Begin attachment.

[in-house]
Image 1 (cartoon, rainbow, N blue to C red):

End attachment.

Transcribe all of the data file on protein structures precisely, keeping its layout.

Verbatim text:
[in-house]
Image 1 (cartoon, rainbow, N blue to C red):